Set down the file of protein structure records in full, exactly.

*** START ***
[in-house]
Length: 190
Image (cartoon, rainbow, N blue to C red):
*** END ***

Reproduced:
[in-house]
Length: 190
Image (cartoon, rainbow, N blue to C red):